The common practice for monitoring the Internet Protocol version 6 (IPv6) network traffic has been to pretend it doesn’t exist by simply ignoring it or disabling it across corporate networks. But with the growth of both IoT and hyperscale data centers, the demand for IPv6 visibility is real, and an increasing portion of the Internet-connected population is requiring IPv6 connectivity.
With the increasing number of Internet-connected devices like cars, drones, and devices, the previous Internet Protocol, IPv4, addresses have been exhausted, said Nick Kephart, senior director of product management at ThousandEyes. IPv4 uses 32-bit addresses, which limits the address space to under 4.3 billion addresses, he said.
To solve this exhaustion issue, IPv6 was created back in 1998. IPv6 uses a 128-bit address, and it is designed to work well with today’s connected devices, the network’s architecture, and its traffic patterns, according to Nadir Izrael, cofounder and CTO of Armis, an agentless IoT security solution. Izrael added that IPv6 allows exponentially more devices to be connected to the Internet, which enables the growth of personal connected devices and IoT.
In order to support this growth of IoT devices, and connected devices in general, IPv6 must be utilized. Without this visibility, a growing part of the network becomes a “black hole,” said Izrael, and this become a big concern for security.
“Without visibility into the devices connecting to a network, they neither have control nor the ability to protect their network,” said Izrael. “Many devices today support both IPv6 and IPv4 out of the box – this includes network equipment and edge devices. Without IPv6 visibility an entire network segment becomes invisible – this may attract attackers, as it is an easy to use attack vector.”
Why websites should adopt IPv6
IPv6 adoption is being driven by two factors, according to ThousandEyes’ Kephart. The first is a shortage of IPv4 addresses due to the explosion of IoT devices, and the second factor is the “complexity of managing Network Address Translation (NAT) which can translate IPv4 addresses into IPv6 addresses and back for travel across networks,” said Kephart.
Also, IPv6 is a necessary deployment for organizations as their networks scale, according to Armis’ Izrael. However, for companies that lack IPv6 visibility, this new implementation creates a “huge and growing blind spot,” he said.
“As IPv6 is not well understood, and any devices that have serious vulnerabilities in their implementations can put the entire network at risk,” said Izrael.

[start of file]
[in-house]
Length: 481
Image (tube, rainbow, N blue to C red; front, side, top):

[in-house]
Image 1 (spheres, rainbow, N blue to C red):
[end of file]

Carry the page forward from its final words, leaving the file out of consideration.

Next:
Despite the obvious benefits of IPv6 adoption, there is a delay in deploying IPv6. According to Kephart, this stems from the fact that the Internet Engineering Task Force (IETF) decided that the IPv6 protocol wouldn’t be backward compatible with IPv4. As a result, workarounds like NAT are needed to allow legacy IPv4 hardware and newer IPv6 hardware to talk to each other, he said.
In addition, the inefficiencies of NAT become overwhelming, said Kephart, and for network operators moving to sophisticated software defined models, hosting ephemeral services and managing end devices at scale, IPv6 is just the preferable model.
“That is why we are seeing organizations such as Facebook, Comcast and T-Mobile leading the IPv6 charge and others, such as Google, Microsoft, Amazon and Apple, helping to advance the transition,” said Kephart.
These big tech companies are not the only ones driving IPv6 adoption. ThousandEyes’ own solutions extend network intelligence capabilities to include IPv6 devices. The company’s recently announced Cloud Agent supports IPv6 tests, and it’s provided on six continents offering global coverage for organizations. It also supports the use of dual-stack IPv4 and IPv6 Enterprise Agents.
According to Kephart, Enterprise Agents can have both addresses assigned and it will excuse tests biased on a user-defined preference for only IPv4 and IPv6 or a preference for IPv6, he said.
“ThousandEyes’ support for IPv6 delivers visibility and insights into both IPv6 and dual-stack networks, enabling organizations to troubleshoot and analyze performance issues in the transit path that impact application and service delivery,” said Kephart. “By simulating end user and network behavior from major metro areas around the globe and gaining insights about performance to applications, organizations can deliver a superior digital experience and ensure a smoother transition to IPv6 over time.”